Managing Military Withdrawal: The British Departure from East Malaysia, 1966–1967

Christopher Tuck*

*Corresponding author for this work

Research output: Contribution to journalArticlepeer-review


How military withdrawals are handled matters–they are no mere adjunct to military operations. Studies in such fields as history, strategy, conflict resolution, and policy-related analysis highlight the significant symbolic, political, and practical consequences of the mishandling of the withdrawal of military forces from a theatre of operations. The British military withdrawal from East Malaysia (Borneo) has never before been examined. But its significance as a case study extends beyond this. British military operations in East Malaysia were highly successful and so it might logically be supposed that the withdrawal of military forces at the cessation of the conflict would be a straightforward exercise worthy of little comment. This article demonstrates, however, that behind the scenes the withdrawal was for British decision-makers acutely problematic. In the end, Britain struggled to construct a withdrawal process that would reconcile often competing political and military imperatives. Borneo illustrates that military withdrawals therefore can also be extremely challenging even in the context of a successful military operation. As Borneo illustrates, military withdrawals are strategic acts, and even in apparently benign circumstances they are much more than just a postscript to a war.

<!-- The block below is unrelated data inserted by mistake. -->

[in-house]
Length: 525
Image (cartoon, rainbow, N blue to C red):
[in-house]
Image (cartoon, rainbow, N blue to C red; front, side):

Original languageEnglish
Pages (from-to)312-338
Number of pages27
JournalJournal of Imperial and Commonwealth History
Issue number2
Publication statusPublished - 2021


  • Borneo
  • Confrontation
  • counterinsurgency
  • strategy
  • withdrawal


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